NY Jets: Instant grade and analysis for the James Morgan NFL Draft pick
By Justin Fried
The NY Jets made the very surprising decision to select FIU quarterback James Morgan with their second fourth-round pick of the 2020 NFL Draft.
The NY Jets clearly aren’t out to follow conventional wisdom in the 2020 NFL Draft — and their selection of FIU quarterback James Morgan is evidence of that.
With so many needs on the roster, the expectation was that the Jets would use Round 4 of the draft to address some of their most glaring holes. Instead, the opted to use one of their fourth-round picks on a backup quarterback.
Now, just the fact that the Jets selected a quarterback in this draft shouldn’t be surprising. And that fact that it’s Morgan — someone the Jets did plenty of pre-draft work on — is even less surprising.
But it’s the fact that they did it so early that has many scratching their heads.
Morgan originally committed to Bowling Green before transferring to FIU in his junior season. He put himself on the map with an impressive 2018 season that earned him C-USA Newcomer of the Year honors.
His 2019 season was another impressive one and that firmly put him on the radar of NFL scouts who were searching for a late-round developmental target. But for that reason, it’s a little confusing that the Jets took him when they did.
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Morgan has a live arm and no shortage of talent in that regard, but his decision-making and ball placement remain very concerning at this point. He grew up idolizing Brett Favre and that shows in his game where he oftentimes will try and make something out of a play when there’s nothing to be had.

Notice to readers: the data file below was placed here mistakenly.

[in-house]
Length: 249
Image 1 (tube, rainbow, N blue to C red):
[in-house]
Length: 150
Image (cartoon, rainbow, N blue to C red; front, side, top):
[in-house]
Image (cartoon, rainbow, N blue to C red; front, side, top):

He’s stubborn to a fault and despite his incredible arm talent that will often get the best of him.
Still, he’s an intelligent passer who works through his reads quite impressively for a player his age and he has good command of his offense. Those are likely the traits that were most intriguing to Joe Douglas and the Jets.
Regardless, you have to question the logic of going with a developmental backup quarterback option in the fourth round with so many other needs to address.
For starters, there’s no guarantee that Morgan is NFL-ready enough to wrestle away the backup job from David Fales. And if that’s the case, what was the point of this pick?
This isn’t a selection you make when you’re trying to build a competent roster around your young quarterback. And for that reason, the initial grade must be docked significantly.
Final Grade: D+